Thursday, January 03, 2008

He doesn't know I notice, but I do.

Last night, he crept into bed hours after my light went out. I was half awake at the sound of his clothing slip to the floor, his feet slide under the covers. My lavender sleep pillow had slipped, and he gently nudged it back across my eyes. Why did something like that seem so kind, so tender? His motivation probably had more to do with his not wanting to wake up with it under the small of his back (again), but it felt different. A little gesture, while I was sleeping.

This, I think, is what it comes down to when you've been with someone for nearly-eight-and-a-half years (just a few weeks until that gem of a milestone; I feel like I'm in elementary school, where each half year counted, as opposed to now when every moment away from the year before, or the decade before needs to be ignored): we settle into something that is comfortable, we don't mind that pajamas are on before the nine o'clock news, and the sweetest thing we can do for each other is cook a warm meal, ready when the other gets home.

And this is January in Minnesota, which means a great deal of hibernation. Many flexible pillows, downy blankets, mugs of steaming chai, and thick books. It means it hurts to breathe through your nose and your hair freezes at kinky angles, stuck straight out like wonky icicles, and you remember why most normal people own a blow drier.

I am lucky, this year--a five minute commute, no drama program to plaster my eyes shut at night, and a methodical way of grading-while-students-are-small-group-discussioning.

I've been reading Kate's blog, Sweet Salty, enjoying all of her older posts, her first born, her life in Canada, the gorgeousness of her prose in the face of something horrifyingly difficult, and I came upon this post. And I thought to myself about the purpose of blogging--why not just keep a journal on the computer? I can still record the day, still keep it quick, still post pictures. Why do this so publicly?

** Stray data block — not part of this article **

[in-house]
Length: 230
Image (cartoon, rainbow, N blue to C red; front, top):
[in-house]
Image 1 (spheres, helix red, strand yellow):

In the first few days of Blog 365, I'm probably not so wise to be questioning why I keep a blog. I'm supposed to feel spurred on, excited.

I just feel a bit flat and dull.

I think that's what happens when I stumble upon good blogs with good writing (and good photography). They make me want to write myself (to create art myself), but I always feel so indescribably boring (and incapable) up against them. And then one of the good writers questions keeping the comments on--the monastic feel of simply writing, knowing there is someone reading, but they don't need that validation.

(Why do I need that validation?)

This is one thing I'll always admire about my husband: he is humble. I have never worn humble well, even if I'm a fairly mediocre being and ought to have adapted by now. But he's so immensely good at what he does--his drunken colleagues tell me so at holiday parties--and it was his musical talent that made me trip over my Doc Martens and look at this boy, think, wonderingly, "Lucky the girl who gets him."


Nina said...

Lovely post. Almost makes me want to get out there and find someone. :-)

michelle said...

goodness - i hope i don't stumble across what you consider to be good posts! i'd never be able to blog again :)

seriously - you do a fantastic job! your writing - your photos..

i often question why i write in such an open forum. i haven't come up with an answer....

crunchy carpets said...

er you are one of the good one's.

I think blogging instead of journaling add's the dimension of....not validation....but friendship..and despite what people say about the friendship.

I am a lot better at blogging about something than saying it face to face....

And that was a lovely post about your hubby.

Anonymous said...

How sweet! He's a keeper :)

sweetsalty kate said...

Wow, thanks Molly, such lovely words. A great post. I feel the same way a lot of the time... why do this? Why not spend the time doing something more... productive, or sanctioned/recognized by the proper world?

All I can come up with is the connections this medium allows. Pressing 'publish' and having it be out there - whether profound or not - is almost as healing as the writing itself. And that's not even with all the wise words offered back.

I'm like crunchy carpets too.. much more comfortable with the written word than spoken. It's neater somehow, not as messy. I like that.